ATLANTA - To college football fans at large, it's now official: The Atlantic Coast Conference is a lesser football league.
The ACC's traditional powerhouses all turned in poor performances over the weekend.
' Louisiana State treated preseason ACC favorite Virginia Tech like a Division I-AA cupcake Saturday, trouncing the Hokies 48-7.
' Miami lost to Oklahoma on Saturday by 31 points and was out-gained 413 yards to 135.
' Florida State defeated Alabama-Birmingham but trailed by two touchdowns in the second quarter, matching a similar awful first half in the opening game loss to Clemson.
The pollsters reacted in kind: The ACC is the only Bowl Championship Series league without a team ranked in the top-10. The other five BCS conferences - Southeastern Conference, Pac-10, Big 10 and Big East and Big 12 - all have two teams near the top of the polls.
The ACC's highest ranked team, Georgia Tech, is No. 15.
Look beyond the conference powers, though, and Joe Fan may gain a different perspective.
"I just think the teams everybody associates with the ACC aren't there," Georgia Tech tailback Tashard Choice said. "So last year, having Wake Forest, a team that was really good and won the championship without the spotlight, people thought it was a down year. That wasn't the case."
A power shift is on in the ACC. Five teams won nine or more games last season, and Virginia Tech was the only member of the ACC's "Big Three" in that group. Wake, Boston College, Georgia Tech and Maryland were the other four.
The early 2007 returns reveal the Yellow Jackets and BC could again be among the league's best. Both are 2-0, have looked impressive in their wins and have experienced talent on both offense and defense.
The two teams meet at 8 p.m. Saturday in Bobby Dodd Stadium in what some believe could be an ACC Championship game preview.
Chan Gailey, the Yellow Jacket head coach, isn't ready to claim ACC supremacy yet, nor is he discounting the high-profile programs already.
"I say let's get to the end of the season and see how it shakes out," Gailey said. "We've played two ballgames this year. Everybody wants to try to read things into what's happened so far. I don't.
"There's only been a handful of conference games played thus far. We've got too far to go to talk about that."
A national blind eye
Georgia Tech entered the season unranked despite returning 17 starters from a nine-win team in 2006.
Boston College was absent from the polls, too, even though the Eagles returned 18 starters from a 10-win team.
Meanwhile, Virginia Tech, with 16 starters back from a team blown out by both Georgia Tech and Boston College last season, ranked ninth in the preseason polls.
Florida State, coming off a 7-6 season that included a 3-5 ACC mark, made the preseason top-25s, too.
Unfair? Not really, Georgia Tech's Choice said.
"Folks want to put the big-name teams at the top - that's just how it is," he said. "Those programs have earned that. They've won championships or been to championship games. That's what the rest of us have to do to get the national spotlight."
The Yellow Jackets understand that well. They drew national attention last season with a 9-2 start and Calvin Johnson at wide receiver. But they lost two huge games early - Notre Dame an Clemson - and stumbled with three straight losses to finish the season. Then Johnson departed for the NFL in January, leaving the Jackets a national afterthought this preseason.
"Winning the Coastal Division helped get our name out there a little bit last year, but we didn't win the ACC Championship or get into a BCS bowl," fullback Mike Cox said. "When people hear ACC champ, they still think of the Miamis, the Florida States. We want people when they hear ACC in the future, they think Georgia Tech. Georgia Tech pops into their heads."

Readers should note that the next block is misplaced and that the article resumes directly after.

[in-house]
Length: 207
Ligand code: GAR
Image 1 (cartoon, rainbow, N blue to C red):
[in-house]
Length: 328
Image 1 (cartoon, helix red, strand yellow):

Overcoming a bad rep
Only college football snobs still consider the Big East the Big Least.
Boston College, Miami and Virginia Tech left that league for the ACC earlier this decade. But instead of becoming a perennial punchline, the Big East struck back.
Two of the league's also-rans, West Virginia and Rutgers, have elevated their programs.
The Big East also added new teams of its own. One of those, Louisville, is a top-10 program. Another, South Florida, knocked off Auburn on the road Saturday night and is flirting with the polls.
"I do think we're past the point as a conference where we have to have big wins to validate us," Nick Carparelli Jr., the Big East's associate commissioner, told the New York Times.
The ACC's situation is different. The league's teams regularly defeat non-conference opponents, and even as the conference's glamour programs have lost their luster, beating them still attracts attention.
Plus, no one questions the player talent in the ACC. Its schools produced 18 first-round picks in the last two NFL drafts, including 2006's top overall pick, NC State's Mario Williams, and the No. 2 choice in this spring's draft, Georgia Tech's Johnson.
Choice, who played two seasons at Oklahoma, sees as much talent in the ACC as he did in the Big 12.
"They always hype up the SEC and the other conferences and that's fine, but I think the ACC has tremendous athletes up and down," Choice said. "We compete."
But to earn national respect, an ACC team must dominate. That's Georgia Tech defensive tackle Darryl Richard's approach, and two games in, both the Yellow Jackets and Boston College have done that.
Saturday's winner could jump into the top 10 of the polls. To stay there, they must continue to win. To move up, they must win convincingly.
To make Joe Fan overlook Florida State, Miami and Virginia Tech's struggles, they must contend for a national title.
"What we haven't had is a team in the national championship game," ACC commissioner John Swoffford said. "That helps perception more than anything else."
SideBar: Boston College at Georgia Tech
When: Saturday, 8 p.m.